AiiDA provides a daemon process that runs in the background which handles any new processes (i.e., calculations and workflows, see process concepts) that are submitted. Unlike when running a process, which blocks the current Python interpreter (see the launching section for details on the difference between run and submit), the daemon can handle multiple processes asynchronously.
The daemon concept in AiiDA consists of multiple system processes.
System processes, here, refers to processes that are run by the operating system, not to the AiiDA specific collective term for all calculations and workflows.
When the daemon is started, a single system process is launched in the background that runs indefinitely until it is stopped. This daemonized process is responsible for launching and then monitoring one or multiple daemon workers. Each daemon worker is another system process that connects to RabbitMQ to retrieve calculations and workflows that have been submitted and run them to completion. If a daemon worker dies, the daemon will automatically revive it. When the daemon is requested to stop, it will send a signal to all workers to shut them down before shutting down itself.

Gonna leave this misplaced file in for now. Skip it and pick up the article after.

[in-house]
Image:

In summary: AiiDA’s daemon consists of a single system process running in the background (the daemon) that manages one or more system processes that handle all submitted calculations and workflows (the daemon workers).
The Python API provides the
DaemonClient class to interact with the daemon.
It can either be constructed directly for a given profile, or the
aiida.engine.get_daemon_client() utility function can be used to construct it.
In order to control the daemon for the current default profile:
from aiida.engine import get_daemon_client client = get_daemon_client()
It is also possible to explicitly specify a profile:
client = get_daemon_client(profile='some-profile')
The daemon can be started and stopped through the client:
client.start_daemon() assert client.is_daemon_running client.stop_daemon(wait=True)
The main methods of interest for interacting with the daemon are:
These methods will raise a
DaemonException if the daemon fails to start or calls to it fail.
All methods accept a
timeout argument, which is the number of seconds the client should wait for the daemon process to respond, before raising a
The default for the
timeout is taken from the
daemon.timeout configuration option and is set when constructing the
DaemonClient only directly interacts with the main daemon process, not with any of the daemon workers that it manages.